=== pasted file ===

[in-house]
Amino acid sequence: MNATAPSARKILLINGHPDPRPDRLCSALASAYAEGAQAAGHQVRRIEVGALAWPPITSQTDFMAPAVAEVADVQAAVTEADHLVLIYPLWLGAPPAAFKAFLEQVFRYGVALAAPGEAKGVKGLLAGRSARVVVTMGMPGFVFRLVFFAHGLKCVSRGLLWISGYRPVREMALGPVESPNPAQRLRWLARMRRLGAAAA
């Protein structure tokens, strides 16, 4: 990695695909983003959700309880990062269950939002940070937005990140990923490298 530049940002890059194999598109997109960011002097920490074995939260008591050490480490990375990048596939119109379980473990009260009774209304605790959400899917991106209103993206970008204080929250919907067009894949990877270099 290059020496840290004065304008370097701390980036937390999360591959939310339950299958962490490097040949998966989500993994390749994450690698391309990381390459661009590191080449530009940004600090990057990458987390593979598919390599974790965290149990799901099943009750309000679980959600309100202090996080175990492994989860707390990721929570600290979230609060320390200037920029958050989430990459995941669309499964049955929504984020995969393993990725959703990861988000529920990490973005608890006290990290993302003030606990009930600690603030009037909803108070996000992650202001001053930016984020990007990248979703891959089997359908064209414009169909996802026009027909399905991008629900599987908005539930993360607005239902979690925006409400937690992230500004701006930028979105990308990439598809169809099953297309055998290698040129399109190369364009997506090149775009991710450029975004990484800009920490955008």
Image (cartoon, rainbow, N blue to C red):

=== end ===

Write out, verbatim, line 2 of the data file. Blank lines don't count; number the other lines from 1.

Amino acid sequence: MNATAPSARKILLINGHPDPRPDRLCSALASAYAEGAQAAGHQVRRIEVGALAWPPITSQTDFMAPAVAEVADVQAAVTEADHLVLIYPLWLGAPPAAFKAFLEQVFRYGVALAAPGEAKGVKGLLAGRSARVVVTMGMPGFVFRLVFFAHGLKCVSRGLLWISGYRPVREMALGPVESPNPAQRLRWLARMRRLGAAAA